Bagram honors fallen Airmen

BAGRAM AIRFIELD, Afghanistan — Service members from Bagram Airfield came together Dec. 23 to honor the memories of six Airmen killed in an improvised explosive device attack two days earlier.

“Today’s the day I remember and honor the sacrifices our fellow Airmen made for us, our country and our freedoms,” said Special Agent Heather Garver, a member of the Air Force Office of Special Investigations and part of Task Force Crimson, the unit to which the six Airmen were assigned. “While we mourn the loss of our family members, and care for our injured, we must remain united. Our fallen heroes would want us to bounce back and press on with the mission we are here to carry out. We may be wounded, but we’re not broken.”

More than 200 service members representing multiple branches of service from nearly every unit on Bagram Airfield crammed into a packed clamshell tent, for a chance to grieve before getting back in the saddle to continue the mission.

“How do we honor these six heroes?” asked Chaplain (Lt. Col.) David Kelley, the 455th Air Expeditionary Wing chaplain. “We honor them by pressing on with the mission. The same mission they were willing to give their lives for.”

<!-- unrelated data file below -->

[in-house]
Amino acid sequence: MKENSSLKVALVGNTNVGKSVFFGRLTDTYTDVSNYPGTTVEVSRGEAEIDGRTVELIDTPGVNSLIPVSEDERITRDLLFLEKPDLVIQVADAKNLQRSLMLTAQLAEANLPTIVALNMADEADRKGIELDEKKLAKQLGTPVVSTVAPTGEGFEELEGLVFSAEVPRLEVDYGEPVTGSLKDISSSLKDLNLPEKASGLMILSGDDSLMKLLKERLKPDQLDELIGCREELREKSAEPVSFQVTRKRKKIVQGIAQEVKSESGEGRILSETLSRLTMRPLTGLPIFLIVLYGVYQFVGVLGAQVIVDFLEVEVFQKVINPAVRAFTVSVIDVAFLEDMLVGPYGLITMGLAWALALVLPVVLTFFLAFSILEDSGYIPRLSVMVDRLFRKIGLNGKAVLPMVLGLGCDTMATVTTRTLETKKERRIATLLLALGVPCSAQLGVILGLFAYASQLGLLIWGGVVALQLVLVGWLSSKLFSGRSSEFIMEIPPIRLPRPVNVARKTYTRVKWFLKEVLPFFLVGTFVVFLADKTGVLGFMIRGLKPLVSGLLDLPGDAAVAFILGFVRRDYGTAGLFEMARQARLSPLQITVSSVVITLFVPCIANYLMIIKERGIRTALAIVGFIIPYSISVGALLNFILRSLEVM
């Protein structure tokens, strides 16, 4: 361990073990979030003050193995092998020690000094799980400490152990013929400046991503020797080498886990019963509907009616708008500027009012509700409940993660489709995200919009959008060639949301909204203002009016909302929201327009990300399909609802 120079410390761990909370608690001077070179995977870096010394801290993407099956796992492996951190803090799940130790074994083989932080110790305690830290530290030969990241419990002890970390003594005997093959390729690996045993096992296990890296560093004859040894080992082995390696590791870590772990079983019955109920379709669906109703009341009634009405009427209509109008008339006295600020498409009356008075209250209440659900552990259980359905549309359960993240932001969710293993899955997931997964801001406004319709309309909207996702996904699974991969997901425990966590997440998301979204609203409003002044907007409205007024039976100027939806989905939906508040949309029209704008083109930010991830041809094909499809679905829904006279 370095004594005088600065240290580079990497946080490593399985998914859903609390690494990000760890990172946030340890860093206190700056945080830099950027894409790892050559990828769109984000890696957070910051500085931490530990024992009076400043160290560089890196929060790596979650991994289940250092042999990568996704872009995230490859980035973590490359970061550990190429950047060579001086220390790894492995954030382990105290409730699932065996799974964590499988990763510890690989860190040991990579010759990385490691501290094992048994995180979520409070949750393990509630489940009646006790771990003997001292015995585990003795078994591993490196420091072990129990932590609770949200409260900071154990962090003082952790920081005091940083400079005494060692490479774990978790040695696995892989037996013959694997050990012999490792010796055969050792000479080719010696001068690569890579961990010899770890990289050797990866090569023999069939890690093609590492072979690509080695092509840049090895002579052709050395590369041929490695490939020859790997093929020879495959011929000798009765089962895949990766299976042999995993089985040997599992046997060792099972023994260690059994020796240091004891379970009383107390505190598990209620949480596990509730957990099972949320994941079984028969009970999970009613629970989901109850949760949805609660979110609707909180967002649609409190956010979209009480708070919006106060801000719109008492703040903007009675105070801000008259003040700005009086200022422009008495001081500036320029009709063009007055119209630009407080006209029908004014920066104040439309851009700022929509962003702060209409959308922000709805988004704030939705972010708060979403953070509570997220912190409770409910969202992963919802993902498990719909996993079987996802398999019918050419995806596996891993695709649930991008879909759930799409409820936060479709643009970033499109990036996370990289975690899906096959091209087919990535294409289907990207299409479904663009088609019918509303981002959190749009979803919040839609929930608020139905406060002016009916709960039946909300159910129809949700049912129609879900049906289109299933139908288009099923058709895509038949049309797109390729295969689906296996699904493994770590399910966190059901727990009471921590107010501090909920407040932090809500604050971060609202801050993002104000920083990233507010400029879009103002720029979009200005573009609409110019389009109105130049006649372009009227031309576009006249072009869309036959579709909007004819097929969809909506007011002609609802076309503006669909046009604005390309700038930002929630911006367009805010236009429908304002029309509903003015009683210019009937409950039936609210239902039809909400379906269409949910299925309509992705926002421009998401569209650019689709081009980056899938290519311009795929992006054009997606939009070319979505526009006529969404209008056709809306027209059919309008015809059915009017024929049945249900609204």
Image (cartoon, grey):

Task Force Crimson, which is primarily comprised of Air Force OSI and security forces Airmen, contributes to the joint, multinational force protection efforts for the Bagram Airfield area including outside-the-wire security.

“These incredible Airmen were selflessly executing the NATO Resolute Support mission to ensure a safe and secure operating environment for all of our coalition partners,” said Maj. Met Berisha, the 455th Expeditionary Security Force Squadron commander, who works closely with Task Force Crimson Airmen. “It is with an extremely heavy heart that today we mourn the loss of these phenomenal Airmen who keep the coalition team safe while we continue to assist the people of Afghanistan.”

At the conclusion of the memorial ceremony, service members in attendance paid their respects to the battlefield crosses which stood at the front of the crowd; each person taking a turn to take a knee and touch the boot or photo placed beneath the downward-turned rifle. Each person would then stand then render a salute.

“May we continue to carry the banner of freedom with the same honor and duty as our departed friends,” the chaplain said. “Let us fly, fight and win … together.”

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